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Ravens Offense Stumbles Despite Being Given New Life With Turnovers and Returns

Posted Oct 15, 2017

Baltimore's offense scored just 11 points and posted 291 total yards. It failed to capitalize on great field position in overtime.


The glow surrounding the Ravens offense after last week’s win in Oakland didn’t last long.

Baltimore’s offense started ineffective, turned sloppy, then fell flat after being given new life in Sunday’s 27-24 loss to the Chicago Bears at M&T Bank Stadium.

The Ravens offense managed just 11 points and 291 total yards. It did convert on a two-point conversion to send the game to overtime, but that was one of its few highlights.

“Offensively, we want to score points and we want first downs,” Head Coach John Harbaugh said. “That’s what we’re shooting for, and that’s what we’re working for. We’re certainly capable of it. We need to get it going.”

Joe Flacco was 24-of-41 passing for just 180 yards (4.7 average) and two interceptions, giving him a quarterback rating of 48.8. The numbers look bad, and Flacco wasn’t happy with his performance, but the fault for Sunday’s offensive struggles shouldn’t fall completely on his shoulders.

The Ravens were already without one of their top wide receivers as Jeremy Maclin was scratched because of a shoulder injury. The other receivers didn’t pick up the slack.

Both of Flacco’s interceptions were the result of errors by his receivers. One pass bounced off Breshad Perriman’s hands and popped up for Bears’ Bryce Callahan to haul in, and the other ricocheted off Chris Moore’s shoulder pads and was returned for a touchdown.

“Turning the ball over hurts you,” Flacco said. “No matter when they come, how they come, where they come – it’s going to hurt you to turn the ball over. It’s going to be tough for you to win football games when you do that.”

After getting off to a fast start last week in Oakland with a 52-yard throw and catch from Flacco and Mike Wallace on the first play of the game, the Ravens were flat early against the Bears.

They went three-and-out on their first drive and managed just 21 yards in the first quarter (three possessions) against the Bears’ No. 6-ranked defense.

“It’s a matter of starting fast,” tight end Benjamin Watson said. “It’s tough in this league to come back when you’re down. So that’s why it’s very important to be able to start early, score points early on, at least to sustain long drives early in the game.”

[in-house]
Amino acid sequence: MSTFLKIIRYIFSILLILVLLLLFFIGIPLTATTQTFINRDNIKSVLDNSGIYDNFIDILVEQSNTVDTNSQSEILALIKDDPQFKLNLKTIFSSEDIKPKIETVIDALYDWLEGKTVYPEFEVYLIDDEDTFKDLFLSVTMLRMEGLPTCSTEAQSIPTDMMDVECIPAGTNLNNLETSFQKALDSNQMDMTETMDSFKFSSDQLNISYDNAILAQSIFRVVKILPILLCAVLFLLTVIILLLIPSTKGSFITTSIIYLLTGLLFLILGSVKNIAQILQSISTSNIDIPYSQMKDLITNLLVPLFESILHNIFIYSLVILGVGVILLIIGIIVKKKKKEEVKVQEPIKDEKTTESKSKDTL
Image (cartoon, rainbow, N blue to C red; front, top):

Running back Alex Collins generated some spark with a 30-yard carry in the second quarter, but tight end Maxx Williams quickly negated that. At the end of what would have been a first-down catch, with the Ravens in scoring range, Williams was stripped of the ball and the Bears recovered.

On the very next drive, it was the interception that bounced off Perriman’s hands, despite Flacco delivering a perfect pass down the right sideline. Perriman (concussion) left the game for good after taking a knee to the head during the interception.

Two drives that could have delivered points instead ended with turnovers.

On the Ravens’ next drive, wide receiver Michael Campanaro, who took on a larger role in the absence of Maclin and Perriman, dropped what would have been a first-down catch over the middle, resulting in a three-and-out.

The Ravens strung together one of their best drives of the game on the following possession, but it fizzled at the 9-yard line when wide receiver Chris Matthews seemed to stumble in the back of the end zone as Flacco tried to hit him on the run.

The most brutal mistake was committed by Moore. With the Ravens trailing by four points in the fourth quarter, Baltimore’s offense was finally on the move. Flacco threw a deep pass to Moore, but it bounced off his shoulder pads and was intercepted by Bears safety Adrian Amos, who weaved back down the field for a 90-yard touchdown to give Chicago a 24-13 lead.

“I should have caught that,” Moore said. “As a receiver, I have to make those plays for Joe. That’s on me.”

Just before the end of regulation, the offense got the ball on its own 44-yard line. Flacco completed a pass to wide receiver Mike Wallace for 16 yards, which would have set up a field-goal shot for Pro Bowl kicker Justin Tucker, but the Ravens had to burn a timeout before an earlier field goal, and time expired before Flacco could spike the ball.

The Ravens offense was set up by two defensive turnovers, but got only three points out of it. Two special teams touchdowns sent the game to overtime. And once again, Baltimore’s offense was given a chance to win the game.

It just had to get in field-goal position – maybe another 20 yards or so – for Tucker.

Baltimore had the ball at its own 40-yard line following a shanked punt. The Ravens ran the ball twice with Javorius Allen. The first got 6 yards (a solid start), but just 2 yards on second down. Flacco threw incomplete to Moore on third down.

“It is disappointing,” Flacco said. “You need a field goal and we can’t get it. It is definitely tough.”

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The opinions, analysis and/or speculation expressed on BaltimoreRavens.com represent those of individual authors, and unless quoted or clearly labeled as such, do not represent the opinions or policies of the Baltimore Ravens' organization, front office staff, coaches and executives. Authors' views are formulated independently from any inside knowledge and/or conversations with Ravens officials, including the coaches and scouts, unless otherwise noted.

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